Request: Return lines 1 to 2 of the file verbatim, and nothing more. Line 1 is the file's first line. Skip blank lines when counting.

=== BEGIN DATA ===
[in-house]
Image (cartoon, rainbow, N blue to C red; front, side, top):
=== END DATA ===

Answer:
[in-house]
Image (cartoon, rainbow, N blue to C red; front, side, top):